Have you ever thought what the heck are these electrician's talking about? Well think no more, we have provided you with the most commonly used phrases and abbreviations used in the industry.
Amperage - Amps/Amperes/Ampacity/Rated Amperage. Measurement of flow rate of electricity. Similar to the flow of water through a hose. The amperage would be a measure of the volume of water that is flowing through the hose.
Cable - A cable is a set of 'wires' encased in an outer protective jacket. Cables are used in homes, commercial premises. Portable Appliances' such as kettles, irons etc will have something called a cord with a plug. Cords are flexible. The colours for wire sleeving held inside a cable are Brown = Live, Blue = Neutral and Green/Yellow = Earth
CE - 'Conformite Europeenne' - a European standard of safety formerly known as the EC mark. The CE marking indicates compliance with the appliance European directives. CE markings are not confined to electrical appliances, you will also find this on children's soft toys.
Conductor - internal material of a 'cord' that conducts electricity. Copper is the most common material used in electrical wiring. The best conductor is silver because it does not corrode however, it is expensive. Gold is often used in high-quality surface-to-surface contacts e.g. circuit boards.
Circuit - the path by which electrons from a voltage or current source flow.
Current - the flow of electricity. In a typical household the electricity is Alternating Current (AC) which repeatedly reverses its direction. However, there are many electronics devices that require Direct Current (DC). DC is the most dangerous of the two currents.
Distribution Board (DB) - a panel carrying fuses, terminal and other components for electric circuits. A DB is also referred to as a consumer unit or fuse box.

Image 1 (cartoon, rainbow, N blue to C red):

Electron - a particle with a charge of negative electricity, found in all atoms and acting as the primary carrier of electricity in solids.
ECA - This is an abbreviation for the Electrical Contractors Association
EICR - Electrical Installation Condition Report.
Earth - A connection between an electrical device and the 'Earth' or at the voltage defined as zero. The earth can be identified by yellow and green sleeving.
Equipment Rated Duration - this is the duration that an emergency light will work. Lights can range from 1 hour to 5 hours (and more)
Fuse - This is a safety device consisting of a strip of wire that melts and breaks the electric circui if the current exceeds safe levels.
Insulation - The material that encases a conductor preventing leakage of current from a conductor.
IP Rating - Ingress Protection Rating, a two digit code, and an optional letter, specifying the level of protection from foreign objects. The first digit refers to protection from solids and the second refers to protection from liquids. The optional letter can be appended to classify only the level of protection against access to hazardous parts by persons or provide additional information related to the protection of the device. An example IP65 = protection from dust ingress and protected from low pressure water jets from any direction. This IP rating is often used on lights for installation in Bathrooms.
To download a quick guide click here.
Voltage - the force or push driving electrical energy through a conductor or wire that can be compared to the pressure of water in a pipe
Watt - A unit of power, defined as one joule per second. Wattage is calculated as Voltage x Amperage